PLEASE Forget that it's been an eternity since I last posted.
A brief sum-up:
I graduated!!!!! (Miracle of Miracles!) Here's my diploma.
I am currently working as a Music Librarian at the International Music Camp on the Border of the U.S. and Canada about 14 miles north of Dunsieth North Dakota.
There are 5 wonderful trumpet players on staff here (2 equipment managers, a dean, a concessionist, and a librarian...that's me!), and during the first three weeks, we teamed up with the 2 trumpet faculty members and performed some trumpet ensemble stuff before the annual Old-Fashioned "Ice-Cream Social" concert at the Masonic Auditorium.
Here we are enjoying a sweet reward after the show. From left to right we are: me, Miles (from Winnipeg), Mark Boren (Professor of high brass at Minot State University), Dr. Tim Farrell (music dept. chair at the Univeristy of South Dakota...and an NU alum!), Anthony (from D.C.), Ryan (from Minneapolis), and Clayton (from Brazil).
Yesterday was my day off and Clayton, Anthony, and I drove down to Minot State for a group lesson with Mark, whose teaching time at IMC has ended for the summer. We spent a fantastic afternoon learning trumpet together and then treated ourselves to a great dinner at the Alaska Alder Grill. I really should talk more about our experiences here, but I have about 10 minutes before I have to get back to work, so must be brief. Suffice it to say Mark is an outstanding teacher and we hope to return for more next week.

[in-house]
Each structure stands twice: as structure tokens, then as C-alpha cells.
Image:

We didn't start heading back to IMC till about 11:00, but the sky was still glowing with the last vestiges of the northern sunset. After about an hour of driving, darkness finally arrived. Even through a bug-spattered windshield I could see we were traveling under pristinely dark skies. Though it was late and we were all eager to reach our beds at the camp I felt myself longing to pull over and bask under the starry vista.
Almost in passing I began to observe an interesting sky glow to the north. We were out in the middle of nowhere farmland and I knew there were no substantial cities that would be radiating such luminescence. I leaned over to Clayton and said, "I might be crazy, but I wonder if those are the northern lights..." Once I noticed the shine changed shape over time I decided I had to pull over and get a better (and safer) view. We were virtually alone on the highway--hadn't passed a soul in either direction for some time--and once out in the open air a chorus of insects was the only sound to be heard. Anthony stayed sleeping in the car, but Clayton and I stood at the side of the road and marveled at the spray of stars gleaming above our heads and that strange pale shimmer in its slow dance across the northern horizon. There was no question now. Though not quite as brilliant as in photos I'd seen, the waving sheets of light were unmistakably the Aurora Borealis.
After a few minutes of excited observing, we resumed our tired journey back to IMC. As we left Dunsieth and ascended through the Turtle "Mountains" a pumpkin orange half moon rose in the east and Clayton speculated about whether or not Bigfoot might reside in the surrounding woods.